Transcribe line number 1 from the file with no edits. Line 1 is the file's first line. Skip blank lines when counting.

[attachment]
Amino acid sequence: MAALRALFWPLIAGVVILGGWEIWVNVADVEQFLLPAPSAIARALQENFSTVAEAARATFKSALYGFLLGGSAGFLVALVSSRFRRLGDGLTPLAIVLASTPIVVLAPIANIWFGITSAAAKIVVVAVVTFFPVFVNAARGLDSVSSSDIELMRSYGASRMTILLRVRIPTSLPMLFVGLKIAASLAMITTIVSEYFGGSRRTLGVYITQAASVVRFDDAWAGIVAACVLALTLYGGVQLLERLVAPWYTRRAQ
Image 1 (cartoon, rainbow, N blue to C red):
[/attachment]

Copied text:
Amino acid sequence: MAALRALFWPLIAGVVILGGWEIWVNVADVEQFLLPAPSAIARALQENFSTVAEAARATFKSALYGFLLGGSAGFLVALVSSRFRRLGDGLTPLAIVLASTPIVVLAPIANIWFGITSAAAKIVVVAVVTFFPVFVNAARGLDSVSSSDIELMRSYGASRMTILLRVRIPTSLPMLFVGLKIAASLAMITTIVSEYFGGSRRTLGVYITQAASVVRFDDAWAGIVAACVLALTLYGGVQLLERLVAPWYTRRAQ